That was around the time I stopped being a “funny kid” and started being a “pain in the ass” or a “smart ass” — (Come on, honey, what’re you getting so upset for?) — and our relationship began to decay. Over the next five years, you laughed — but a lot of the time I was the joke, and I was seldom laughing along. I was fifteen when I met a boy you didn’t approve of, and looking back now, I can’t remember if I was ever able to make that boy laugh. I can’t remember if I ever really tried. That was when we had the cleaning business — when things were good and we could throw money around and the laughing you did at my expense was muted by the cloud-cushion of being found attractive and useful and sweet.
I let that boy own me officially for the next three years until he put me on consignment for the next fifteen, and I learned real quick that I wasn’t any of those things. He’d settled for me, and he made sure I knew it, and I disappointed him about as often as I disappointed you. When things went really south, you found out. You didn’t laugh, but what you learned turned your face red and sent you reeling for the first piece of sturdy furniture: a wooden folding chair. Your strong-steady hand lifted it effortlessly and fierce-flung it at me, and your teeth broke white and shining through the tan of your face as you screamed at me, renaming me: little whore. I showed my teeth, too, warning you away, but you didn’t listen — so I fierce-flung myself at the door and slammed it in your face and slammed the lock home.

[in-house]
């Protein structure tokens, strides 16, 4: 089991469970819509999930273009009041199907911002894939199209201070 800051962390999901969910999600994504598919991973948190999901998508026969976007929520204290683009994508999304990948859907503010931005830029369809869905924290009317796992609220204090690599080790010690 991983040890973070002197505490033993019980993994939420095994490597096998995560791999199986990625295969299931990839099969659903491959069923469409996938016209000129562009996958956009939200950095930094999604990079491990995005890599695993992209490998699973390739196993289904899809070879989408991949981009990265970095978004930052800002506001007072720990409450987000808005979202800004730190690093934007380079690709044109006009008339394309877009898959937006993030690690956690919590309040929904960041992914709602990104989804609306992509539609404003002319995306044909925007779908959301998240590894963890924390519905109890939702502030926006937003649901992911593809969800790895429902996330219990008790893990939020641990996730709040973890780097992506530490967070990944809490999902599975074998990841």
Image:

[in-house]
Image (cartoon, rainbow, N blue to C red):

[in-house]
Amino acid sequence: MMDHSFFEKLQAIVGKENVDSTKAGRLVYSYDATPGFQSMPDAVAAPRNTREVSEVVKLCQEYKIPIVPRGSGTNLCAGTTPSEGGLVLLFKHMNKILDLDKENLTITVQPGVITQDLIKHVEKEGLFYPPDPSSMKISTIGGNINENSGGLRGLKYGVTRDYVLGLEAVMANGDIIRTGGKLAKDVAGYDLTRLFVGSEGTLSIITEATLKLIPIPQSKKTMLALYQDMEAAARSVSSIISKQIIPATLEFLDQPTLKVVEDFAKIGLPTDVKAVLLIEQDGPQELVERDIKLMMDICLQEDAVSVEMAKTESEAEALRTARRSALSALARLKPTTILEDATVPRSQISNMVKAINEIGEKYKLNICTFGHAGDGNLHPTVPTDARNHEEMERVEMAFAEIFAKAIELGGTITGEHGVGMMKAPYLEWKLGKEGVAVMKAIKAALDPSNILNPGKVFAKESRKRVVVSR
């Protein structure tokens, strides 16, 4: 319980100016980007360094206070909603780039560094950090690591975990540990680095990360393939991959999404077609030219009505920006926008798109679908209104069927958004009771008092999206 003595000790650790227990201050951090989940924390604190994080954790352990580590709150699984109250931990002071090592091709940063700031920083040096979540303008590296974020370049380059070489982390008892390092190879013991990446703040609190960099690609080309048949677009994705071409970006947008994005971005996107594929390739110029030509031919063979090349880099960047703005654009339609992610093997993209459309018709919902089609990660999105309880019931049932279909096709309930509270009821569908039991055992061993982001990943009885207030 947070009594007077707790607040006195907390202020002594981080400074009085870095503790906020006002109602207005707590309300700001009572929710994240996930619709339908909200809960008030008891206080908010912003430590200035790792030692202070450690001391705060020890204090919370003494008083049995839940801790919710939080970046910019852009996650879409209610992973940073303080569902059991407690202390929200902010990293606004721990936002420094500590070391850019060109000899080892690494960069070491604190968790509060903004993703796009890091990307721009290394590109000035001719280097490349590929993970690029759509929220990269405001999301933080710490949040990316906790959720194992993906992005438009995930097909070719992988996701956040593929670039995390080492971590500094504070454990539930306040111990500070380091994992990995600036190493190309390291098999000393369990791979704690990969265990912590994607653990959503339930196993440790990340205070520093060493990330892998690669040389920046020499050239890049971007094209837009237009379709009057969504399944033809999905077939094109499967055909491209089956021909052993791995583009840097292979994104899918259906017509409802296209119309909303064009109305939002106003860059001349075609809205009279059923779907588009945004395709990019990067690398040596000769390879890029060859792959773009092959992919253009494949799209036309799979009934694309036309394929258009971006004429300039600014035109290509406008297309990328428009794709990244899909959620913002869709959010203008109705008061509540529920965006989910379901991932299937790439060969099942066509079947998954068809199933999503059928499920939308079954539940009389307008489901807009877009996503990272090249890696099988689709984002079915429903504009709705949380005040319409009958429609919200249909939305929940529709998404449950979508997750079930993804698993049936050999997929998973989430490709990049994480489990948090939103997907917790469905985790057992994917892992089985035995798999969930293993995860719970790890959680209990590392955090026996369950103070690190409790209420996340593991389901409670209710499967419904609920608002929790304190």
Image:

You yelled at me through it, shaking the walls with the boom of your voice and the pound of your fist, and I remembered how, when your team did something you didn’t like, you’d yell in outrage and pound your knee, words I wasn’t supposed to know, and I’d laugh, scurrying out of the room to cover my ears so I wouldn’t accidentally overhear them — but this time when I covered my ears it was to keep you out. That’s how you found me when you kicked my door down: palms pressed to my ears, fingernails digging hard into my scalp. You laughed. (Come on, little whore, what’re you getting so upset for?) Your eyes were wide and wild, the gash of your lips sliced open with the serrated alabaster of your triumphant grin, and you laughed, panting and slavering, your mouth wet and cruel and your skin dewed in perspiration.
I could always make you laugh.